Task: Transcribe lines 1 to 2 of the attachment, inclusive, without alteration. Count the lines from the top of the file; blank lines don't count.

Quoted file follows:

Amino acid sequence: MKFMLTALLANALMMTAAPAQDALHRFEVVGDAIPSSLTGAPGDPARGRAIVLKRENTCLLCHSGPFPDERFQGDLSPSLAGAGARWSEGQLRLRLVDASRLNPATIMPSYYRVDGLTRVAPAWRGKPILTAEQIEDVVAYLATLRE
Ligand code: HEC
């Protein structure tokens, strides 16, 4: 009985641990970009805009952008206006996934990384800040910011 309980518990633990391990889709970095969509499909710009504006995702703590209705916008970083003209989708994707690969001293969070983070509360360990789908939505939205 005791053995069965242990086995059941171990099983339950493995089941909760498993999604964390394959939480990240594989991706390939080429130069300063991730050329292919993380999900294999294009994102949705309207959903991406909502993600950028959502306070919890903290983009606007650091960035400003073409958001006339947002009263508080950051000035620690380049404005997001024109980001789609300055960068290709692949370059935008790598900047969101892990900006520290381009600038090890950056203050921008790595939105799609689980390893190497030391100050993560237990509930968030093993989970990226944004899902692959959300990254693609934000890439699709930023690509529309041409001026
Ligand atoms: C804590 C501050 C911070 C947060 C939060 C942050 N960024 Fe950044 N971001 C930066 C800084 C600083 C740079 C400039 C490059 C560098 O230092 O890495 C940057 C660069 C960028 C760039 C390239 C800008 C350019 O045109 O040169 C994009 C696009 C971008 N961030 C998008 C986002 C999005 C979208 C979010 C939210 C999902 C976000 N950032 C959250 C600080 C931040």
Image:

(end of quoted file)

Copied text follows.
Amino acid sequence: MKFMLTALLANALMMTAAPAQDALHRFEVVGDAIPSSLTGAPGDPARGRAIVLKRENTCLLCHSGPFPDERFQGDLSPSLAGAGARWSEGQLRLRLVDASRLNPATIMPSYYRVDGLTRVAPAWRGKPILTAEQIEDVVAYLATLRE
Ligand code: HEC